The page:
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Relapse Prevention - Not Just for Alcoholics

Relapse prevention is one of the most important aspects of addiction treatment. Most newly-recovering patients are so confident that they will never use again that they don't always take it seriously. It's often not until after they relapse that they see the signs in retrospect.

Terence T. Gorski is a leading addictions expert. On his Web site, he lists a comprehensive, 9-step relapse prevention program. One of the key elements is "warning sign management," which is a list a patient makes of his/her particular warning signs and a strategy to address them.

I don't believe we should limit relapse prevention to addiction. I work with all kinds of patients, especially this time of year, on how to manage their symptoms so they don't relapse. For instance, with a hectic schedule, some depressed patients forget to take their medication. Couples who are trying out new, healthier behaviors often "throw out the rule book" while focusing on their holiday plans. People who have problematic eating issues are often tempted to forgo their treatment plans when presented with so many unhealthy food options.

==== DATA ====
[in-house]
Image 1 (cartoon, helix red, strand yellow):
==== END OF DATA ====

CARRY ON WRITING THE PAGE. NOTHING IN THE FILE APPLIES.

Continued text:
Earlier this month, I posted an old AA-based, relapse tool, HALT. It's a reminder not to get too Hungry, Angry, Lonely or Tired over the holidays. The following is kind of an addendum to HALT.

1. Identify your "triggers." Are yours crowds or unfamiliar social situations? Being in places with your credit cards where you will overspend? Watching your baby sister play out her princess role yet again?

2. Write down your triggers and how you will address them. Having a very specific plan for each of your triggers will re-direct you to the thinking/logical response instead of the emotional/reactive response.

3. If at all possible, Avoid. Try to avoid the triggers on your list if possible.

4. Use your support systems. Wrestling with your "demons" alone is tough. Make a list of people who you can call or visit when you feel "unsafe" and tempted to ignore your relapse prevention plan.

Now, go work on your own plan.

Nancy L

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